“Now with that being said, what do I look like, wanting some harm to come to a 70-year-old woman? I was raised way better than that,” said Snoop, who is 48-years-old about King, who is 65. “I don’t want no harm to come to her, and I didn’t threaten her. All I did was say, ‘Check it out. You out of pocket for what you doing and we watching you. Have a little bit more respect for Vanessa, her babies and Kobe Bryant’s legacy.’”
The debate over the appropriateness of Snoop’s take-down of Gayle King as well as Rice’s response, continues to dominate Twitter, Instagram, and Facebook, with several noted celebrities and social media influencers joining in.
For her part, Rice has received support from several prominent African Americans, like Senator Corey Booker (D-N.J.), Michael Eric Dyson, and Marc Lamont Hill.
Oprah Winfrey went on the Today Show to complain that King hadn’t slept in two days. Others started the hashtag, “#IStandWithGayle.”
Those who supported Snoop countered with the hashtags, “#ImwithSnoop” and “#IStandWithSnoop.”
“White liberals created the hashtag “#IStandWithGayle to try and save their puppet Gayle King, but trying to create a false Black man vs. Black woman narrative,” activist and film producer Tariq Nasheed wrote on Twitter. “But it was a Black woman (Lisa Leslie) and other Black women who led the charge against Gayle’s disrespect of Kobe.”
Eddie S. Glaude Jr., the chair of the Department of African American Studies and the James S. McDonnell Distinguished University Professor of African American Studies at Princeton University, said he thought about the King interview and Snoop Dogg’s response.
“Misogyny is evil. Period,” Glaude stated. “Sometimes, when people grieve, when they are in pain, they hurt others. They cause pain,” he said.
Many blasted King and Winfrey, who have both received criticism for going after Black men implicated in sexual assault while standing up for White men who have been accused of the same or similar crimes.
Photos of King and Winfrey posing with Harvey Weinstein, Charlie Rose, Bill Clinton, and other White men who’ve been accused of being sexual predators littered the Internet.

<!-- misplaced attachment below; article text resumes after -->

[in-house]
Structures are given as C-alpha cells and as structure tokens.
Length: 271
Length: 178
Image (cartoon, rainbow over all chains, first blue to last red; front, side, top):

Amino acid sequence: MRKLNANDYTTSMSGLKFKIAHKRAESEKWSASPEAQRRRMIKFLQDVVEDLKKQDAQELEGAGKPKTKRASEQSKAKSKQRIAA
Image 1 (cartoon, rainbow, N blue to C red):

“Kobe had one accuser, and he was acquitted,” Isaac Hayes III wrote on Twitter. His message was accompanied by a video of King supporting Rose. In the video, King appears to lash out at those attacking Rose. “I don’t know what more we can do to Charlie Rose except a public flogging. He’s gone, he’s not coming back to CBS News,” King says in the video.
Hayes responded: “Charlie Rose had 27 accusers, and Gayle King stood by him. Kobe is gone and not coming back.”
Hip-hop star and tv producer 50 Cent also mentioned his displeasure with King.
“Gayle King, why would you do that to your people? You know what people are going through right now,” said 50 Cent, whose real name is Curtis Jackson III. ““I didn’t understand what the goal is at that point. She knows what Kobe means to the actual culture at the same time. Like they knew what Michael Jackson meant. I just don’t know what you’re trying to do when the men are dead.”
“The legal system couldn’t deal with it,” he added. “What are you supposed to do, publicly convict him? Is that the idea? Now is it justice or is it revenge? … It’s all public opinion now.”
“Why would you ask a question like that, trying to tarnish somebody’s image? You do that to your own Black people. You sad. Black people need to stop trying to hurt Black people for success.”